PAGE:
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RE: st: zero-inflation and bounds on ARIMA predictions

From   "Winston, Carla A." <>
To   <>
Subject   RE: st: zero-inflation and bounds on ARIMA predictions
Date   Fri, 21 Dec 2012 10:31:29 -0800

Thanks very much, the references were fun and helpful.  With this reply,
I close the thread unless folks wish to comment further.  

For interest, telephone call and admission data are both for influenza,
highly seasonal.  The mechanism producing zeros is dips in influenza
admissions at certain times of year.  I have used sine and cosine for
modeling influenza in the past, but this seemed different in that we
were interested in the relationship between two time series with
approximately the same seasonality.  Our objective was primarily to
assess the similarity of the two time series using cross-correlation.  I
began to play with models with the idea of looking at predictions based
on lags of the dependent variable and telephone calls as a "predictor"
variable.  I have now implemented a plain old Poisson regression and the
fit is very good even without the trigonometric predictors.  

Thank you.  

-----Original Message-----
[] On Behalf Of Nick Cox
Sent: Wednesday, December 19, 2012 11:11 AM
Subject: Re: st: zero-inflation and bounds on ARIMA predictions

These two families of model are not really comparable. One focuses on
data as a time series, while the other focuses on a response with a
supposed distribution.

Without knowing what your precise objectives are it seems that you
have strong seasonality. In the case of weeks, 52 weeks won't work
optimally to catch all seasonality as over a period of several years
the number of weeks in a year will average more than 52 and some
seasonality will not be exact as weather will vary for a given time of

Moreover, what mechanism produces zeros? Is it partly structural that
admissions are not allowed or mostly or entirely stochastic that the
number of admissions dips at certain times of year? (Specifically,
what leads you to suppose _inflation_?)

For such data I would typically start with Poisson models and sine and
cosine functions based on time of year. I wouldn't start with time
series models.

See also

SJ-9-2  gr0037  . . . . . . . .  Stata tip 76: Separating seasonal time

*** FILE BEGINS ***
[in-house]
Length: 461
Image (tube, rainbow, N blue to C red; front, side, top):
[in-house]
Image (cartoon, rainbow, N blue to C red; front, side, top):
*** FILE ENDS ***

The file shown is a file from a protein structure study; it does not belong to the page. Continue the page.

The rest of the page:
. . . . . . . . . . . . . . . . . . . . . . . . . . . . . .  N.
J. Cox
        Q2/09   SJ 9(2):321--326                                 (no
        tip on separating seasonal time series

SJ-6-4  st0116  . . . .  Speaking Stata: In praise of trigonometric
        . . . . . . . . . . . . . . . . . . . . . . . . . . . . . .  N.
J. Cox
        Q4/06   SJ 6(4):561--579                                 (no
        discusses the use of sine and cosine as predictors in
        modeling periodic time series and other kinds of periodic

SJ-6-3  gr0025  . . . . . . . . . . . . Speaking Stata: Graphs for all
        (help cycleplot, sliceplot if installed)  . . . . . . . . .  N.
J. Cox
        Q3/06   SJ 6(3):397--419
        illustrates producing graphs showing time-series seasonality


On Tue, Dec 18, 2012 at 9:22 PM, Winston, Carla A.
<> wrote:
> Dear friends, I am using Stata 12.1 for a regression model of
healthcare telephone calls predicting hospital admissions.  Admissions
and calls can never be non-negative.  The admissions are zero-inflated
and stationary; calls are stationary.  The data are in weeks, are
second-order autoregressive, and show annual seasonality (i.e., at 52
> arima admissions calls, sarima(2,0,0,52) vce(robust) diffuse
> I have been working to create a seasonally adjusted model and am
generally happy with the above, but predictions include negative numbers
for some of the weeks when observed admissions are zero.  Would it be
better to use a negative binomial or zero-inflated Poisson model rather
than ARIMA?  Or is there another way to bound the ARIMA?  I like the
ease of the ARIMA seasonal coding, but want to ensure that model
predictions are never < 0.  I have also examined -prais- and -vecm- but
did not settle on a satisfactory way to account for the

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